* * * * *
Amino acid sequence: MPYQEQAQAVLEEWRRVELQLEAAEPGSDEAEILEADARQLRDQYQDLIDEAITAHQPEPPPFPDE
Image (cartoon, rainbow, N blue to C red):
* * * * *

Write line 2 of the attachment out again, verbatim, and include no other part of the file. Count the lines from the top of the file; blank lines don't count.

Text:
Image (cartoon, rainbow, N blue to C red):